Large Traders ... Not Quite As Good As You Think
The Big Boys were buying today.
Numerous times I’ve been told by brokers and fellow advisers that the big guys had come into the market on the buy or sell side as either an explanation of what happened or perhaps a hustle to get me on one side of the market. The truth of the matter is, as you will soon see, that the “Big Boys,” the large traders from the “Commitments of Traders” (COT) report, do not have the stellar trading record you might expect.
There is a reason for that, which I will explain. First, though, let’s take a look at their net long/short position in a variety of markets so we can get a sense of how they interact with price activity and see if their trading might help us.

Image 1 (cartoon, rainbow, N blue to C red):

I’ll start with gold, for no particular reason other than it is widely followed and traded by the Big Boys all over the world. There are large positions—wagers if you will—plunked down every day in Hong Kong, Taiwan, London, Singapore, and Sydney on an assumption of the future direction of this market. Figure 6.1 shows the weekly price of gold and below it the net long/short position of the large traders.
This reading, when high, says they have been doing a lot more buying than selling. In fact, the further above the zero line, the more long positions they have. If the index is far below that line it means the large traders are on balance net short ... that they have a lot more short positions on than longs.
It may help if you know just ...

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